Invitation to submit to the Berkeley Fiction Review

Write short fiction? Looking to get published? Submit to the Berkeley Fiction Review!

The Berkeley Fiction Review is a UC Berkeley undergraduate, student-run publication. We publish both new and established writers in a wide variety of genres. We look for innovative short fiction that plays with form and content, as well as traditionally constructed stories with fresh voices and original ideas. Submissions of previously unpublished work are welcome year-round and published annually.

Submission Guidelines:

– 8,000 words or less (nothing over 25 pages)
– Typed, 12 point font, double-spaced
– Cover letter should include address, email, title of story, and author bio
– Must note if story is simultaneously submitted
– Electronic submissions only to berkeleyfictionreview@gmail.comWe also hold a Sudden Fiction Contest annually (deadline April 1st every year) with a $200 1st place prize; 2nd and 3rd place are published. Additionally, we nominate to O. Henry, Best American Short Stories, and Pushcart prizes

If there are any other questions or concerns, you should check out our website at

Synchronized Chaos November 2014: Union and Cohesion

November is a fall month for many of us, a time when those in the United States come together to celebrate and show gratitude for the blessings of the past year. This month’s submissions form a Thanksgiving potluck, as they, like the various dishes of the shared meal, each illustrate aspects of unity, how different people or things come together to form a whole.

In Jason Ascerno’s poem “My Skateboard” the narrator looks at his broken skateboard and misses the joy of riding it. He’s developed a relationship with the vehicle where it’s not just a tool, but part of his life and who he is. Neila Mezynksi’s piece “Both” illustrates the beauty of a close bond between two people in her short piece about an intertwined couple.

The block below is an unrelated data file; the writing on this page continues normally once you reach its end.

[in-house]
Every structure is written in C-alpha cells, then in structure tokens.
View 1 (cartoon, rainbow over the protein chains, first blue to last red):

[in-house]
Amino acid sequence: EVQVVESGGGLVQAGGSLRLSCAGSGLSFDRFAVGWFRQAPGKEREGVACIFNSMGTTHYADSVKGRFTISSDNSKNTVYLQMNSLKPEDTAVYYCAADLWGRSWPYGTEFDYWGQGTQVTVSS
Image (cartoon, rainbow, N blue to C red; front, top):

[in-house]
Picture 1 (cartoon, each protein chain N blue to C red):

Christine Murphy’s piece “molten blue and amethyst” is a reflection on loss, and healing as acute grief becomes longing. Like the sea nymphs she speaks of, our pain fades away along the axis of time, and we emerge from our mourning to re-enter normal life.

Loretta Siegel’s poem “This I Believe” affirms the value of life and everyday beauty, of simple pleasures and basic goodness. Things that might seem inconsequential, including each of our lives, have meaning and worth, and by appreciating them we can form a healthier society. In his essay ‘Pride & Joy,’ Tony Longshanks LeTigre relates his experience celebrating pride, community, meaningful activism and family and connection at the San Francisco Pride Parade.

Deborah Guzzi’s gentle, reflective poetry collection references Western and ancient Egyptian spirituality and then moves to vignettes set in modern society, suggesting a broader, more timeless context to our world. In a similar vein, Andrea DeAngelis brings the language of cosmology to the world of human relationships and personal identity. Her speakers feel lost and mediocre as they confront the ‘dark matter’ of their psyches during times of loneliness.

Ryan Hodge illustrates the confusion created by the loss of a cohesive identity in his Play/Write column. Some video games have heightened the narrative tension within their storylines by killing off the supposed protagonist or having players discover near the end that the character with whom they identified was confused about some fundamental aspect of the game’s world. Although interesting during entertainment, this experience would likely represent a terribly alienating experience in real life. So we can work towards becoming the protagonists of our own lives, staying present and making conscious choices as best as we can even while we learn and grow.

Roy Huff talks about personal growth and maturation in his poem “Roots,” and his narrator embraces his destiny and becomes strong enough to provide shelter to others. Elizabeth Hughes’ Book Periscope column presents various novels and a memoir (Derrick Randall’s A Soldier’s Thoughts, Zoe Zorka’s Turn Our Eyes Away, Jordan Acker’s The Shadows, Patty Lesser’s Locker Rooms, Louis Villalobos’ The Stranger’s Enigma, and Andrea Carr’s Family Tree The Novel: Family Tree) that look into how our personal pasts and family heritage can influence who we become. Our lives aren’t isolated incidents. What sort of society we have today, and what our young people experience, strongly affects what sort of world we’ll have in the future. In Huff’s metaphor, the roots we grow today bring about the leaves and fruit of tomorrow.